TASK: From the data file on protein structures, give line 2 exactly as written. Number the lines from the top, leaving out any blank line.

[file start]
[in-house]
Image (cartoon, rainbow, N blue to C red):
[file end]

Image (cartoon, rainbow, N blue to C red):